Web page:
Geneva (French:Genève), Switzerland, a major Swiss city and the capital of the French-speaking canton of Geneva. It lies on Lake Geneva and on the Rhône River, near the French border.
Geneva is the headquarters of numerous international organizations, including United Nations specialized agencies, the Red Cross, and the World Council of Churches. Geneva is also known as a haven for refugees and as a resort. Prominent among the city's industries are banking and the manufacturing of watches, clocks, jewelry, and precision machinery. Many international airlines serve Cointrin Airport.
The oldest part of Geneva, with its fascinating squares and narrow streets, lies south of where the Rhône River flows from Lake Geneva. Located here are St. Peter's Cathedral, which dates from the 12th century; the Reformation Monument, honoring the city's early Protestant leaders; the Museum of Art and History; and the University of Geneva, founded as an academy by John Calvin in 1559. South of the university is the Museum of Contemporary and Modern Art.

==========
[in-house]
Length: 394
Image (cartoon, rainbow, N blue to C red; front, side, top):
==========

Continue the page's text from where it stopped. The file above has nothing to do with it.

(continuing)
On the north shore, facing the lake, are luxury hotels and shops, promenades, and piers for pleasure boats and passenger vessels. On the far north side stand the Palace of Nations, a United Nations office building; the Ariana Museum, with an outstanding ceramics collection; and a botanical garden. Geneva has many stately homes and town houses and large, beautifully landscaped parks.